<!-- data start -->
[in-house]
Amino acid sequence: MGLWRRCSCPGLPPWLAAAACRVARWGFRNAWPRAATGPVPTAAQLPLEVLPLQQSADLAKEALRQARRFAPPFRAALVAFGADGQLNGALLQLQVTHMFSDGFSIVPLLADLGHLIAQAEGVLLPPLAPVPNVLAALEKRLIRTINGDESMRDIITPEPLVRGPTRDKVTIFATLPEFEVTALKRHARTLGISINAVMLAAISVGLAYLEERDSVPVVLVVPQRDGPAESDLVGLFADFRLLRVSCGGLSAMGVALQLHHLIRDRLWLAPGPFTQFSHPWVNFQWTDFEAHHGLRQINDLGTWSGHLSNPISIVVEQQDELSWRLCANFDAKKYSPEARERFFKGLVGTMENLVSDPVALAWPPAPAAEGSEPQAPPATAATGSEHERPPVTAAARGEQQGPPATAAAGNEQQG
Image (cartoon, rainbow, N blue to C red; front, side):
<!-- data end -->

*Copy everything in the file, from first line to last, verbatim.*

[in-house]
Amino acid sequence: MGLWRRCSCPGLPPWLAAAACRVARWGFRNAWPRAATGPVPTAAQLPLEVLPLQQSADLAKEALRQARRFAPPFRAALVAFGADGQLNGALLQLQVTHMFSDGFSIVPLLADLGHLIAQAEGVLLPPLAPVPNVLAALEKRLIRTINGDESMRDIITPEPLVRGPTRDKVTIFATLPEFEVTALKRHARTLGISINAVMLAAISVGLAYLEERDSVPVVLVVPQRDGPAESDLVGLFADFRLLRVSCGGLSAMGVALQLHHLIRDRLWLAPGPFTQFSHPWVNFQWTDFEAHHGLRQINDLGTWSGHLSNPISIVVEQQDELSWRLCANFDAKKYSPEARERFFKGLVGTMENLVSDPVALAWPPAPAAEGSEPQAPPATAATGSEHERPPVTAAARGEQQGPPATAAAGNEQQG
Image (cartoon, rainbow, N blue to C red; front, side):